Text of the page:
ISA investing? Consider these ‘secret’ shares with 5.5%+ yields

Looking to build big income flows on a budget? Royston Wild discusses two small caps and considers whether ISA investors should buy, or barge past, them today.

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It’s a well-worn trope: shares offering a combination of low price-to-earnings (P/E) multiples and bulging dividend yields are a recipe for disaster, putting investors in danger of a nasty payout cut in the not-too-distant future.

I wouldn’t say that STV Group (LSE: STV) is a stock that falls into this category, however. Sure, it trades on a dirt-cheap forward P/E multiple of 8.8 times and boasts a jumbo 5.5% dividend yield. But in my opinion, it’s in great shape to keep growing both profits and dividends long into the future.

A Scottish play

The trading environment isn’t exactly a bed of roses for Britain’s broadcasters right now as advertising budgets remain under pressure. STV itself saw total ad sales tick 0.6% lower in the six months to June. However, the Scottish broadcaster’s resilience right now is nothing short of remarkable and the business expects things to remain so. This is why it predicts total revenues will flatline in the nine months to September versus a 6% to 7% decline for the broader market.

The numbers reflect STV’s decision to focus on the digital and regional ad markets, segments that both delivered sales growth of 19% at the firm in the first half and that should deliver strong revenues expansion once broader conditions in the ad market improve. In the meantime, the small cap can look to the huge investment it’s made in its digital operations and its production arm to keep driving the bottom line.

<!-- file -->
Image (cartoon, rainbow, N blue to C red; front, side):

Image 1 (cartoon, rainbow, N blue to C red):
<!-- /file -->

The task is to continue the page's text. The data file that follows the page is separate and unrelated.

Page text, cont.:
And City analysts agree. It’s why earnings at STV are expected to rise 7% in 2019 and 14% in 2020, predictions that lead to expectations of more dividend growth over the period too.

Down with Brown

Can it be said that N Brown Group (LSE: BWNG) offers terrific bang for your buck like STV?

City consensus suggests that earnings should keep rising at the clothes retailer over the next couple of years, by 8% and 1% for the years to February 2020 and 2021 respectively. As a consequence, N Brown boasts a bargain-basement forward P/E ratio of 4.8 times.

What’s more, with dividends expected to grow over the period, N Brown’s prospective payout yield sits at a monster 6.5%. On paper, then, the small cap seems too good to be true. And I consider this to be absolutely true – indeed, I reckon there’s a high chance of City forecasters slashing their profits and dividend estimates possibly as soon as 10 October when interims hit the market.

It doesn’t matter that the Simply Be and Jacamo owner has invested heavily in the fast-growing internet shopping segment. N Brown is still toiling amid a broader decline in consumer confidence and in the 13 weeks to 1 June saw total revenues drop 3.8%. I fear what those upcoming six-month results will reveal, given that retail conditions have worsened over the summer.

What makes things doubly difficult for N Brown is that it is also languishing under a hulking great debt pile, one so large that whispers of another painful dividend cut are increasing. The retailer hasn’t been helped on this front either by a recent glut of PPI-related misconduct claims, ones that have prompted it to raise its full-year net debt guidance to £460m–£490m (from £440m–£460m previously).

STV and N Brown might both look great on paper but there’s only one that I’d be happy to stash in my ISA today.

Should you invest, the value of your investment may rise or fall and your capital is at risk. Before investing, your individual circumstances should be assessed. Consider taking independent financial advice.

Royston Wild has no position in any of the shares mentioned. The Motley Fool UK has no position in any of the shares mentioned. Views expressed on the companies mentioned in this article are those of the writer and therefore may differ from the official recommendations we make in our subscription services such as Share Advisor, Hidden Winners and Pro. Here at The Motley Fool we believe that considering a diverse range of insights makes us better investors.

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